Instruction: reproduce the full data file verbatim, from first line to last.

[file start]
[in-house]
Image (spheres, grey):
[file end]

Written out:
[in-house]
Image (spheres, grey):